There seems to be some confusion as to how best to store eggs, with some people saying they must be kept in the fridge, and others saying that they can be kept on the counter.
There seems to be some confusion as to how best to store eggs, with some people saying they must be kept in the fridge, and others saying that they can be kept on the counter. In the UK, eggs are often kept quite safely on the counter or in a cupboard, but Americans prefer to keep their eggs in the fridge and are often horrified that Brits don’t refrigerate their eggs!
The tips below are for those who prefer to refrigerate their eggs, so read on to find out how to safely store your eggs in the fridge.
Some folk like to throw the egg carton away and put their eggs in the egg holder in the fridge, or in a bowl. However, it’s best to keep them in their original carton for two reasons.
First, the carton protects the eggs and stops them from absorbing strong odors or flavors from other foods that are in the fridge. Eggs have thousands of tiny pores in the shells, so they can easily absorb the characteristics of the other foods they are kept near.
Secondly, if you keep the eggs in the original carton, you will always be able to see the Best Before date. That means that you will know if the eggs are still fresh without guessing. Eggs should also always be stored with the large end pointing up, just as they were put in the carton.
• Don’t keep eggs in the fridge door. They need to go in the main part of the fridge to ensure they keep consistently cool.
• If you want to store raw egg whites and yolks, put them in airtight containers and store them immediately in the fridge. To stop yolks drying out, cover them with a little water, and drain it off when you are ready to use them.
• Hard-boiled eggs often give off a gassy, sulphurous odor in your fridge. This is caused by hydrogen sulphide (the little grey band around the yolks of hard-boiled eggs) and is completely harmless. The smell usually goes within a few hours.
Fresh shell eggs – by best before date
Leftover yolks and whites – within 2 to 4 days
Hard-boiled eggs – within 1 week
Prepared egg dishes – within 3 to 4 days
Pickled eggs – within 1 month
Frozen, blended whole eggs – within 4 months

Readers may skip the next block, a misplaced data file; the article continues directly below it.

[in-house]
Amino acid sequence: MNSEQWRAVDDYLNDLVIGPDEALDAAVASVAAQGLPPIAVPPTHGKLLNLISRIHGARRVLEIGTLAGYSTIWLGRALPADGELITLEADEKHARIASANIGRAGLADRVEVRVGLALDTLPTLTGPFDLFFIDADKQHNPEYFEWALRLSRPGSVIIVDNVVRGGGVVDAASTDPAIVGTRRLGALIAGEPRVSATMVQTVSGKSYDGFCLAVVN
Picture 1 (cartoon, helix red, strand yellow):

Not everyone is aware that you can freeze eggs, but certain kinds of raw and prepared eggs can be frozen following these instructions. You can’t freeze eggs in their shells, though.
• Whole eggs – whisk until just blended, then pour into freezer containers and seal tightly. Label with the number of eggs and the date before freezing.
• Egg whites – Separate the eggs one at a time, being careful that no yolk is in with the whites. Pour into freezer containers, seal tightly and label. If you want faster thawing whites, pour into an ice cube tray and freeze before transferring the egg cubes to a freezer container.
• Egg yolks – Egg yolks thicken and turn to a gel when frozen, so they need special preparation before freezing. To slow the thickening down, mix in either 0.5 ml of salt or 1 ½ tsp sugar or corn syrup per ¼ cup egg yolks (around 4 yolks). Label with the number of yolks, date, and whether they’ve been salted (for savory dishes) or sweetened (for baking or desserts).
• Hard-boiled eggs – You can freeze hard-boiled egg yolks to use at a later date for toppings and garnishes. Put the yolks in a single layer in a pan and add enough water to come at least one inch over the yolks. Cover and bring to the boil, then remove from heat and let stand in the water for around 15 minutes. Remove the yolks with a slotted spoon, drain, and pack for freezing. Don’t freeze whole boiled eggs and egg whites, as they turn hard and watery when frozen.
Simply thaw the frozen eggs overnight in the fridge, or under cold running water. Use the eggs as soon as they are thawed, and only in dishes where they will be properly cooked.
Here is some recommended thawed egg substitute amounts:
1 fresh large egg white – 2 tbsp (30ml) thawed egg white
1 fresh large yolk – 1 tbsp (15ml) thawed egg yolk
1 large fresh egg – 3 tbsp (45ml) thawed whole egg
The Best Before date on the egg carton is the simplest way to tell, but here are a few others:
• Fresh eggs will sink in water while older eggs float.
• Fresh egg yolks sit up high on a thick white. Older eggs have flat yolks and thin, watery whites.
• Cloudy egg whites are a sign of freshness, not of age. The cloudiness is caused by the high carbon dioxide content from when the egg was laid.